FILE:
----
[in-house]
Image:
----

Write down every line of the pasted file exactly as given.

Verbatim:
[in-house]
Image: